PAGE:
Prince Oberyn had left directly from Casterly Rock on a quest for the Crown to Essos that would most likely end in an excessive number of deaths. His only request was that his children remained with his sister for safekeeping, a charge she had taken with a will. As such they were taking all of Prince Oberyn’s daughters with them to the North. On the ship, as they became familiar with the children, Princess Elia had expressly entrusted each of the noble riders with the care of a child.

Other than Jaime, of course. They would not pry Tyrion from his grasp a single minute before the boy’s safety—and, yes, Jaime’s legal responsibility as a Lord Paramount and Warden of the Realm—required it.

“I do have a question,” Jaime admitted.

Princess Elia nodded to him encouragingly.

“Who is carrying the squid?”

Princess Elia burst out laughing.

The issue of feeding the hatchlings had come up before they had even left Casterly Rock. To Jaime’s relief, Rhaegar had announced that fish was the most effective meal to encourage growth in dragons. They could move on to first daily and then later weekly goats once they were a suitable size to ride. With the Long Night on the horizon, Jaime figured the hatchlings would remain on a fish diet for the duration, to prepare them for the war to come. Luckily the hatchlings had managed to hunt up a relatively small kraken just a few days into their journey-by-boat North and had been eating on it since.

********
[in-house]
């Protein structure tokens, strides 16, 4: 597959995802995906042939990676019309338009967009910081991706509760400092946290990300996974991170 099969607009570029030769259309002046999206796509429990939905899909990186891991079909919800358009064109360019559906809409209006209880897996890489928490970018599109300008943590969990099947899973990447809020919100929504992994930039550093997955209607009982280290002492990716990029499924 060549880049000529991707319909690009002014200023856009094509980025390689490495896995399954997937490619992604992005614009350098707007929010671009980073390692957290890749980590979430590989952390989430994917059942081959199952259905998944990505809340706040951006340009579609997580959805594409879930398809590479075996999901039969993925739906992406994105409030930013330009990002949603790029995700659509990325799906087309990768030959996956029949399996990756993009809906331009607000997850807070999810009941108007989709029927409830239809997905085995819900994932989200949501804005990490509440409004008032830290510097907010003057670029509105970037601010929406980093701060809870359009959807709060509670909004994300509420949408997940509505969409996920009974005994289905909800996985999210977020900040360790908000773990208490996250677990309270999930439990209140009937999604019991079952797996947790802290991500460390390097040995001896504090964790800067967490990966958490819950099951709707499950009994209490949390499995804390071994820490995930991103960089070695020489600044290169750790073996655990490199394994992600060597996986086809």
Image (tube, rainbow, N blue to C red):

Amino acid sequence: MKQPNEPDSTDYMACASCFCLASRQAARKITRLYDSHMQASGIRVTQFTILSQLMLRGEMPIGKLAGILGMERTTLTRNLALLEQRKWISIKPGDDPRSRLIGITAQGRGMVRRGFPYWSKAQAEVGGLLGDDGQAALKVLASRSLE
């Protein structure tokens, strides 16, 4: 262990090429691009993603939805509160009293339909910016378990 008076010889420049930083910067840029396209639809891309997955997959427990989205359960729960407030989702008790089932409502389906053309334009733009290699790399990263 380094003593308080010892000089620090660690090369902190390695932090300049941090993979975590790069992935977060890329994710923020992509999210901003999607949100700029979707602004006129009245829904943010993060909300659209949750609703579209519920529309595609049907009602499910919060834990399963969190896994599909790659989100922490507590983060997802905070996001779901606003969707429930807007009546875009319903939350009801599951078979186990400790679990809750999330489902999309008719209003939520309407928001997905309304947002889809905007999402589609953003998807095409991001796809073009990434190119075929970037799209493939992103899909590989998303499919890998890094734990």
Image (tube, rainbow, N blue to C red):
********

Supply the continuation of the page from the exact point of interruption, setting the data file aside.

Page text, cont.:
“The hatchlings are gorging themselves on it now,” Princess Elia gestured to the front of the ship where, indeed, four of the five young dragons were tearing into the carcass. Prince Rhaegar’s Ñaqes squawked in offence at being left out, jumped more than flew down from his master’s shoulder, and scurried across the deck to the squid. “That should hold them until we reach Winterfell on the morrow. It will also induce a stage of sluggishness so we do not lose them in the Wolfswood.”

“And once we reach Winterfell?” Brandon asked.

“The barrels of fish I have ordered from the fishermen in and around Winterfell should be available to feed the little ones,” the princess promised.